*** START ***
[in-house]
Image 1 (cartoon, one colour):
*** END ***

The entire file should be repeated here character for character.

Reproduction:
[in-house]
Image 1 (cartoon, one colour):